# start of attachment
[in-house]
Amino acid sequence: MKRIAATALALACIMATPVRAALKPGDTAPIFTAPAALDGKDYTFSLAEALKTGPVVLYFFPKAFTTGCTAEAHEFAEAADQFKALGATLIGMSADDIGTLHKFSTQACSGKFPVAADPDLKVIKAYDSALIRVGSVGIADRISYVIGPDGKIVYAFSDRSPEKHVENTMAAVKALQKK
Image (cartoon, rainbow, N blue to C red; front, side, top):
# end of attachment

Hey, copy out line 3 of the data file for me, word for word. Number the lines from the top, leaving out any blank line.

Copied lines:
Image (cartoon, rainbow, N blue to C red; front, side, top):